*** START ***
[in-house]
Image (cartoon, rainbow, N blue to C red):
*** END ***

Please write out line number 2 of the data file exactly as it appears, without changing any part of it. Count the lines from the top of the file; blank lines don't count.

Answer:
Image (cartoon, rainbow, N blue to C red):